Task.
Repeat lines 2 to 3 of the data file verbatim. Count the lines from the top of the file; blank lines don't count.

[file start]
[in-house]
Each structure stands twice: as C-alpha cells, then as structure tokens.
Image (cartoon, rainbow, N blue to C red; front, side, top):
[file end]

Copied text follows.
Each structure stands twice: as C-alpha cells, then as structure tokens.
Image (cartoon, rainbow, N blue to C red; front, side, top):